Scheduled through December, the online catalog of bus trips is vast and varied, with excursions such as Walking the Brooklyn Bridge, the Mermaid Parade in Coney Island, the Finger Lakes Wine Festival, NASCAR at Watkins Glens and antiquing in Madison County.

“Our one-day tours are very, very popular,” DeLorenzo says. Casino outings in New York state and Connecticut are customers’ top picks. “The short getaways are popular, going to New England states, and then down to Pennsylvania, to Lancaster and the countryside,” she adds.

This year there’s a 17-day adventure in Wyoming and a 13-day guided tour in Ireland.

Many customers are senior citizens and retired folks. They love to travel but prefer to let someone else do the driving, and they enjoy socializing and sightseeing with a group.

Because Wade Tours is people-oriented, the COVID pandemic was devastating. In 2020, the virus forced the business to shut down for six months, a historic first. “We took all of our coaches off the road,” DeLorenzo says. “We had to let all of our employees go. There was one person up front just taking cancellations and refunds. It was depressing.”

When Wade started up again there were new regulations to comply with. All 30 coaches were modified with a filtration system to clean the inside air. When coaches come off the road, a fogging machine goes aboard and stays inside all night. “The drivers are all vaccinated,” DeLorenzo says. “We haven’t had one of our employees come down with COVID while out on the road. We haven’t had any of our tour guests come down with COVID.”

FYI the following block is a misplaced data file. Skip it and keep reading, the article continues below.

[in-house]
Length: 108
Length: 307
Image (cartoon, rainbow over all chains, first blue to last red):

Passengers must wear masks to get on the coach, but once they are in their seats they can take them off. “We don’t sit anyone with someone who is not their companion. If someone is a single, they have the whole seat to themselves,” DeLorenzo says.

But business was slow in 2021, she adds. “People were afraid.” In 2022, the company is moving forward while still dealing with the unknown. “The challenge is making sure that we can get into places and attractions. … Our prices have gone up slightly because of fuel and salaries.”

Even pre-pandemic, the touring part of the business was changing, DeLorenzo says. “We used to do a 30-day trip. It was our hallmark trip. Every year. Sometimes two buses would go. That’s gone by the wayside. People don’t have that much time. A lot of people ask, ‘Is the economy hurting you?’ And I’d say it’s not hurting as much as time. People just have other obligations. We’re not taking time out to enjoy life.”

Wade is always reaching out to younger generations. “We do a lot of family trips, to the Bronx Zoo, to the Aquarium in Boston. We do the New York State Fair, we do The Big E in Springfield.”

DeLorenzo, who has an upbeat attitude and cheerful voice, polished her people skills in 1980 when she was a tour guide on buses going to and from the Winter Olympics in Lake Placid. Wade had the contract for the games and had 50 coaches in service. “For people who were staying in the Capital District, we had to go to the hotels, pick them up and get them up there. It was very interesting, with people from all over the world.”

DeLorenzo, who grew up above her grandparents’ old bus garage on Helderberg Avenue (a new garage and office on Burdeck Street was built in 1980), says that when she was a girl she and her siblings were allowed to join tours with Grandma Mildred, but they had to sit still and not disturb the passengers. “Oh, do I have stories to tell,” she says. In the coming months, DeLorenzo will be digging up those stories and unearthing Wade Tours memorabilia as she gets ready for the company’s 100th anniversary, which is four years from now, in 2026.

“We haven’t decided what to do yet,” she says. “But we want a big celebration. We want to honor our loyal customers. We wouldn’t be here without them.”

Deanna Nardini, from left, Crystal DeLorenzo and Gregory DeLorenzo pose for a photo in front of one of 30 buses owned and operated by Wade Tours.